Take the 2-minute tour ×
Movies & TV Stack Exchange is a question and answer site for movie and tv enthusiasts. It's 100% free, no registration required.

Sidney Freedman was a somewhat enigmatic recurring character on M*A*S*H, who started out his stint on the show examining Max Klinger during one of his "Section 8" claims. Dr. Freedman then shifted his emphasis more to being a counselor to Hawkeye Pierce, but still continued to serve as general psychological support to the 4077th when his character recurred.

During the final episode, when Hawkeye has had a breakdown and is in treatment, he is seen by Dr. Freedman.

Was this the plan for the character all along, to be the ultimate outlet for Hawkeye's frustrations in the final hour, or was Freedman worked into the script as a means through which the writers could funnel the "war is Hell" message long before the ending of the series was planned?

share|improve this question
add comment

1 Answer

up vote 4 down vote accepted

I think it's a bit of a stretch to say that the Sidney Freedman character was just a counselor to Hawkeye. Sidney was called in whenever there was a case needing pyscho-analysis, from a medic suffering amnesia to a patient who thinks he is Jesus. Yes, on a few occasions that even included Hawkeye.

But he first debuted in season 2, back when the episodes were much more light-hearted. I doubt the writers would have kept the character around for the next 10 years, just to have him be a dramatic hook in the final episode. Couldn't any (unknown) psychiatrist have functioned as Hawkeye's doctor in the end? Yes, it was more effective because we already knew of Sidney, and he already knew of Hawkeye's past, but presumably any shrink would have been able to help Hawkeye with his self-analysis.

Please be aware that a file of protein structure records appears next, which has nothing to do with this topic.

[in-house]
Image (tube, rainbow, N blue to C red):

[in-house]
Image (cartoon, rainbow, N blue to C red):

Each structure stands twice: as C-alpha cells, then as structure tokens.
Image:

UPDATE

According to the trivia entry on IMDB, when Gary Bughoff left the series, the producers wanted to make Sidney a regular character, but actor Allan Arbus turned down the offer, preferring to appear only sporadically. So the producers may have wanted Sidney around more, but again I just don't think it was part of a master plan to setup the final episode. I think he was just an interesting occasional character (like Colonel Flagg or Rosie) that the writers used to make the episodes more interesting and also to help delve into the psyche of the different characters.

share|improve this answer
    
I accept your chastising, as I did try to oversimplify his role for someone who may not have seen the series. ;) Do you know anything about the aspect of planning for the character by the writers? –  jonsca Aug 27 '13 at 2:08
1  
I agree with this answer. There weren't (and still aren't) that many shows around whose creative teams have extremely clear visions of how they want each character to grow and what they want them to become for more than a season; let alone a 10 season gap. –  Jamie Taylor Aug 28 '13 at 8:42
add comment

Your Answer

 
discard

By posting your answer, you agree to the privacy policy and terms of service.

Not the answer you're looking for? Browse other questions tagged or ask your own question.